Nonsteroidal anti-inflammatory drugs (NSAIDs), both older traditional versions and the newer generation known as COX-2 inhibitors, have been major players in the treatment of osteoarthritis and other types of arthritis for many years. You may recall though, in 2004, Vioxx (rofecoxib) was withdrawn from the market after the drug was linked to an increased risk of cardiovascular disease. The safety of NSAIDs and COX-2 inhibitors has been the subject of debate ever since -- a debate that studies have not yet resolved. Have you wondered how serious the risk is -- or with all the NSAIDs to choose from, which might have the least risk? I've wondered myself, since I have taken one or the other of these drugs for 36-plus years.
According to a report published January 11, 2011 in the British Medical Journal, researchers in Switzerland conducted an analysis of all randomized, controlled trials that compared any NSAID with other NSAIDs or placebo. Their analysis included 31 trials, involving 116,429 patients, 7 different drugs -- including naproxen, ibuprofen, diclofenac, celecoxib (Celebrex) , etoricoxib (Arcoxia), rofecoxib (Vioxx), and lumiracoxib (Prexige) -- and placebo. In 29 of the trials, there were 554 heart attacks. In 26 trials, there were 377 strokes -- and in 28 trials, there were 676 deaths. Researchers concluded from the analysis that the absolute risk of cardiovascular events was low among patients taking these drugs -- but relative to placebo, the risk was significant.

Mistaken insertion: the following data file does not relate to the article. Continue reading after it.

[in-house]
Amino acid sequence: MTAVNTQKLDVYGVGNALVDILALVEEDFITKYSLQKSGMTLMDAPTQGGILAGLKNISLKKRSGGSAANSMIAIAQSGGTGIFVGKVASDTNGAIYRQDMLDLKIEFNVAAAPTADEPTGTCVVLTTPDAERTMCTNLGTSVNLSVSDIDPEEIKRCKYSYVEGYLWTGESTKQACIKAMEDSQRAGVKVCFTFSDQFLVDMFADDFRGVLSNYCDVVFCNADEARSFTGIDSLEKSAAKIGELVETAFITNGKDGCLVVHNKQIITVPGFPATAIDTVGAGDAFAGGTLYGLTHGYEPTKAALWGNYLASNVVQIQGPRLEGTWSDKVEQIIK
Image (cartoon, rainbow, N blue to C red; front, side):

Compared to placebo:
- Vioxx and Prexige carried twice the risk of heart attack.
- Ibuprofen exhibited more than 3 times the risk of stroke.
- Arcoxia and diclofenac had the highest risk of cardiovascular death (about 4 times that of placebo).
Of the 7 drugs in the analysis, researchers pegged naproxen as the one with the least cardiovascular risk. Although absolute risk was low in the analysis, researchers feel it is a mistake to overlook cardiovascular risk when NSAIDs are prescribed. This is a problem -- NSAIDs are commonly used painkillers and many patients who take them for arthritis also have heart disease.
- NSAIDs - 10 Things You Need to Know
- Cyclooxygenase - COX-1 and COX-2 Explained
- Celebrex (celecoxib) - What You Need to Know
- Naproxen - What You Need to Know
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